Adrenal Fatigue Library

What Is Adrenal Fatigue?

Written by Dr. Andrew Neville

Modern medicine is exceptional for trauma care and surgery; however, for the chronic conditions and symptoms that plague most of our society, the conventional model is insufficient.

Fatigue is the number one reason for doctor visits in the US, and it is a symptom of an underlying problem: Stress-Response Dysfunction (more well known as Adrenal Fatigue). Rather than irresponsibly and incorrectly treating “fatigue” as a condition in and of itself, it should be used as an indicator of an underlying cause of dysfunction.

Adrenal Fatigue has been called many things over the course of medical history, from neurasthenia to adrenal dysfunction to simply “burnout.” It is also strongly connected with the majority of major illnesses of our time, especially in the case of chronic fatigue syndrome and fibromyalgia.

Adrenal Fatigue is the most important syndrome of our times. It permeates society and affects the majority of us at some point in our lives, if only temporarily. It causes, contributes to, and is associated with almost every major illness today.

From cancer and diabetes to allergies and cardiovascular disease, our stress hormones have pervasive effects on the body that are morbidly detrimental if left unchecked.

Adrenal Fatigue causes, contributes to, and is associated with almost every major illness today.

How Adrenal Fatigue Occurs

To understand this condition, we need first to understand the role of the adrenal glands in daily life. The adrenal hormone system includes the Hypothalamic-Pituitary-Adrenal Axis (HPA Axis), the Autonomic Nervous System (ANS), and other higher brain centers. This system responds to stress and has two arms:  the sympathetic arm, also called “fight or flight,” and the parasympathetic arm, or “rest and digest” arm. I refer to this as the body’s seesaw of physiology.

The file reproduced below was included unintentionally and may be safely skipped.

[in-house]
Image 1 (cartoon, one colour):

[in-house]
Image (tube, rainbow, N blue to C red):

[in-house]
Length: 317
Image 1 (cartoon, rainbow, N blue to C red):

The fight or flight process is crucial and lifesaving under the right circumstances. In fact, if we did not have these instincts and were not so efficient at utilizing this stress response, none of us would be here today. The problem is that we activate this response too often and for too long with the stressors of modern life: traffic, loss and grief, toxins, terrorism, technology, the economy, information overload, over-scheduling, being overworked, worry, depression, and fear.

The chronic, perpetual activation of this fight or flight system leads to overproduction of stress hormone, creating a pattern of up-regulation, decreased stress tolerance, and possibly exhaustion of the entire stress response system.

Who Does Adrenal Fatigue Affect?

People develop Adrenal Fatigue due to a combination of genetic susceptibility and stress over time. Some people have a tremendous genetic capacity for stress. These tend to be the people who, in their nineties, continue to smoke and drink all in good health. They will avoid Adrenal Fatigue for the most part, unless they suffer significant amounts of trauma, tragedy, or chronic perpetual stress, enough to overwhelm even their large capacity.

The other extreme are those that were born with a very weak stress response system, or “weak adrenals.” They have a thimble (compared to the “bucket” shown here) for stress capacity, and it has been like that since birth.

Most of us are in the middle. We have a some genetic weakness as well as chronic stress, and the combination contributes to a breakdown of the stress response system. Eventually, this dysfunction causes a multitude of  symptoms that range from pesky to debilitating.

During our first appointment, I often ask my patients, “Are you uncomfortable enough to take the next step?” It’s important for them to understand that healing is a choice—their choice—and it takes time and commitment. The vast majority of patients can be helped with adequate, comprehensive treatment. If you’d like to speak to one of my patient coordinators about working one-on-one with me, please click here.



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